Here they come, dash up my walk and I confront them but I'm standing inside my house. The one proceeds to flatten himself in back of one of the double doors and I can see him rather plainly through the colored glass. The other gives me a ration about how my girlfriend had cut them off and that she was going to pay for it. I could have provoked the argument with a lot of macho but I quietly said that I wanted them off of my property. They left with some,"you better tell her this and you better tell her that." The incident came to a close.
During our little conversation, I kept my hand behind my back and on the gun with my finger on the trigger I think he may have noticed this.
If he entered the house, I would have killed him and his partner if he came in as well. What with her testimony and the proximity of the asshole to me, I don't think there would even have been an investigation.
On a more pleasant note, after the spaghetti, one of the wildest nights of my life occurred. Just a bit of thanks I guess.
P.S. Never pull a knife on a man who might be possibly armed. It would be a perfect and legal excuse to kill you.
Damn Bob, I like what you wrote. My grandfather was born a poor ass kid in the old country. Only the rich had guns and hunted. He made a point of owning guns, hunting and owning 3 summer homes and a log cabin hunting camp. He loved America and what it did for him. I'll never forget sitting around the hunting camp gas lights burning, wood cook stove warming and grandpa talking about the 2nd amendment. Memories...
And to all you *#%#@ that think we should turn our guns in...well... I won't say it because this seems to be a rather gentlemanly web site.
Sisu, its what America needs:rofl
Well, it's great to read these replies. As a gun owner, hunter, defender of the second amendment, and avowed local yokel, it does my heart proud to know there's so many of you running around armed and dangerous. I guess I'd better start packing, because when you open up on me I want something better to return fire with than my four weight.

What fear drives this? Don't you understand you've made the choice to use the weapon when you load it and put it on, not later when you're threatened? If you're in a wild place with vicious animals, I understand it, but the Sky, the Yak, heck no place in Washington is that far from civilization. Try something else.

Think before you arm yourselves. Instead, I consider as essential safety equipment on all trips: Beer. Throw full beercans at black bears and cougars, they go away. Give a beer to a local yokel, he's now not quite so threatening. Offer one to a property owner, and enjoy access to unfished water. Use empty beercans as bailers to save a swamping boat. They're very versatile, and nobody goes to the hospital after getting hit by a beer.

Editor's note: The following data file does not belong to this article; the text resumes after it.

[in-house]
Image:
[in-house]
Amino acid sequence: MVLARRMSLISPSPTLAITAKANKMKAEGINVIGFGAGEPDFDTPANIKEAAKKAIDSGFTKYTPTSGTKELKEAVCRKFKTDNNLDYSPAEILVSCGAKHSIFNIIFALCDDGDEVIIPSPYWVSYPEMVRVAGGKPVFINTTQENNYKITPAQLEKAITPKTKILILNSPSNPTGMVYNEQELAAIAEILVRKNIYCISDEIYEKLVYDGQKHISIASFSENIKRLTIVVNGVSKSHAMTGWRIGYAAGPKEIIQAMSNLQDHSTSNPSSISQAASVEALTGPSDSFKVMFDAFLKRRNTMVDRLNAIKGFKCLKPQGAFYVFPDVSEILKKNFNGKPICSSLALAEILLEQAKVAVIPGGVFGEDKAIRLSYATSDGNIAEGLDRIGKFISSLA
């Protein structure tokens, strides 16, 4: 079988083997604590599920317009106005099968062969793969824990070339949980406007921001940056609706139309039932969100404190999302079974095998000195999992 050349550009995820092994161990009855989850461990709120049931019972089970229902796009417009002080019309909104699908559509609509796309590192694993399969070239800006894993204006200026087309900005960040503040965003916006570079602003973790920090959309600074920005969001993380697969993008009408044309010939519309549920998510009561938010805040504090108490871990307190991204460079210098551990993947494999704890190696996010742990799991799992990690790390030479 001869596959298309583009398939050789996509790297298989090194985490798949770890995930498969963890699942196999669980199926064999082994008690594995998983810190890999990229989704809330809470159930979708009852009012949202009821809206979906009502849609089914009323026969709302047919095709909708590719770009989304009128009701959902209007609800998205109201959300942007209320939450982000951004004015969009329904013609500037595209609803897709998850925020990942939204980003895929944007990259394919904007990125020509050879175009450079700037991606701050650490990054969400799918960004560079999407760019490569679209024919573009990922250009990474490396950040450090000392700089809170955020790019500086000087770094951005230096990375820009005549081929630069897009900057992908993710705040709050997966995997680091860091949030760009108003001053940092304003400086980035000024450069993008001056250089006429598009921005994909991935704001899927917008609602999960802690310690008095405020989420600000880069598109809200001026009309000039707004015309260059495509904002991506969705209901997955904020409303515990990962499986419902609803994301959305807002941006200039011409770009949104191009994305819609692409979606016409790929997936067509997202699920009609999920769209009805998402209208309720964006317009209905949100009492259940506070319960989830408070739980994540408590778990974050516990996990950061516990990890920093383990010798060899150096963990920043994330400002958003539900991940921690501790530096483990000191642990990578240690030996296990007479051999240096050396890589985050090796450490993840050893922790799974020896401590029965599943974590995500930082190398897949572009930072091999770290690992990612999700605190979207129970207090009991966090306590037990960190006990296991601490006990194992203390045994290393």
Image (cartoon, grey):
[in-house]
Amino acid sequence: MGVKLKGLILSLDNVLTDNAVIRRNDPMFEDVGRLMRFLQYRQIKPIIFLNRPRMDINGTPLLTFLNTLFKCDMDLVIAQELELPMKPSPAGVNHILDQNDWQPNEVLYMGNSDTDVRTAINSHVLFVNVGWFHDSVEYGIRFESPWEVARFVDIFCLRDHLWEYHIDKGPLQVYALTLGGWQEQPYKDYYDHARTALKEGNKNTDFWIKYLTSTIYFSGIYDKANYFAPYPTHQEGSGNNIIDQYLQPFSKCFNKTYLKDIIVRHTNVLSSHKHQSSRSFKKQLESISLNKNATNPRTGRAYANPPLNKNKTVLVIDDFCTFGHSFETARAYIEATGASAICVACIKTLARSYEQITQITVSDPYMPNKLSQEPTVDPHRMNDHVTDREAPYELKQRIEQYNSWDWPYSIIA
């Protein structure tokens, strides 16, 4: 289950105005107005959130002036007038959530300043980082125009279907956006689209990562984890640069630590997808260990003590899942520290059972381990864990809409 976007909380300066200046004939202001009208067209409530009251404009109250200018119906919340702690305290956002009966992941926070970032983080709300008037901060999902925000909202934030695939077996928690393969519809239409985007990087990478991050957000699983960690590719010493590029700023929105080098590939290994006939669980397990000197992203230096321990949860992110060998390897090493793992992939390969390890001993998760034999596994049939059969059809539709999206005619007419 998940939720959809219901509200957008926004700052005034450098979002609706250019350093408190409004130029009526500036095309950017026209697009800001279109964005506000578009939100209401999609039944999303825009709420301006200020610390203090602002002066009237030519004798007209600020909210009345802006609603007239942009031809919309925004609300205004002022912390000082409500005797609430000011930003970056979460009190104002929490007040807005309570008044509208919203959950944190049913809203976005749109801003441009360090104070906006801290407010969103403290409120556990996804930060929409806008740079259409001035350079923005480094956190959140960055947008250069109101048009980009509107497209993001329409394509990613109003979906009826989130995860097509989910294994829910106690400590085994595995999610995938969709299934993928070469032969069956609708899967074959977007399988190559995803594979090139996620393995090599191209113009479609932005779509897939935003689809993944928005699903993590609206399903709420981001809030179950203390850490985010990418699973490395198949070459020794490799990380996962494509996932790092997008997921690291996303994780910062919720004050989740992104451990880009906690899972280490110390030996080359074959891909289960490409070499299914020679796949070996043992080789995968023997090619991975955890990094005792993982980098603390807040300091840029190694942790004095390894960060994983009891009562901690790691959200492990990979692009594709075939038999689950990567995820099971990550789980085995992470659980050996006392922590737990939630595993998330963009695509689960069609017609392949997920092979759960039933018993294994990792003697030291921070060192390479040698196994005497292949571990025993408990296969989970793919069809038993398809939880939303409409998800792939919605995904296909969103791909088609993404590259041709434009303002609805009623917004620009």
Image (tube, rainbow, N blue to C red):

C'mon, this is the lower 48! I'm always armed with beer. :beer2


Be the guide...
Good point. Even those that 'pack' should not let that get in the way of common courtesy and common sense. Use your brain to get out of tough spots. I've encountered quite a few questionable characters, been close to a few fist fights, and threatened by wild dogs - but not one time did I use a weapon to get out of it. Just used my brain and\or controled my fear\temper. But in that 1 in 1000 encounter where my brain just won't do it, I like to know I have the option of packing if I so choose.

But to address your question: "what fear drives this?"
Well, ever watch the movie "Deliverance"?? Enough said :eek
Not to be a jerk, but one of the best uses for an empty (or full) beer can is to toss it in the air and blast holy hell out of it!
Bob, the Man, I've really turned bad, haven't I? :rofl :rofl :rofl
Well, I guess i'll throw in as well. I own a gun, and I take it with me occasionally when I go fish way in the sticks, for two reasons. My wife hates the idea that I own a gun, but I think that's because she grew up in suburbia and I grew up where you laid on the floor because of the drive by shootings. That's the first reason, there are some people out there that will put a bullet into you for no good reason. I love my wife and my two year old much more than I care about anyone who would put me in a position where I felt it necessary to draw a weapon. Secondly, i'm scared to death of bears. If any of you have ever seen what is left of a person after a bear has mauled, or god forbid eaten a person, you would carry some sort of weapon too. I know that we aren't in Grizz country, but I only weigh about 175 pounds and there is no way I would be able to fight off even a 200 pound bear. Yep, they're long odds but i'll hedge my bets.
I do carry on occasion, Glock 26 (ballistic tupperware). I suppose views on this vary, depending on whether or not you are in a remote location...say the Hoh river an hour before sunrise waiting for your guide to return from dropping off a vehicle at the pickup location...or hiking to a "not so secluded" location a short hike from the highway! I thank god I've never had to reach for it, or even think about doing so, but I know that it's there if need be. I treat a firearm with respect, and I look at other fisherman as if they were carrying also. This is a very different world we live in these days, and I'm a strong believer in self preservation!!!